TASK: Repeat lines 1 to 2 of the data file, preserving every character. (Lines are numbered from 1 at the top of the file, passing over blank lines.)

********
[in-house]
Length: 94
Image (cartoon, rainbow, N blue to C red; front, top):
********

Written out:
[in-house]
Length: 94